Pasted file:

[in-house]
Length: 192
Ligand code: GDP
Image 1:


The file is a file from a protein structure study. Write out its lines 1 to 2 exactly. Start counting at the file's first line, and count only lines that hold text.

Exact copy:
[in-house]
Length: 192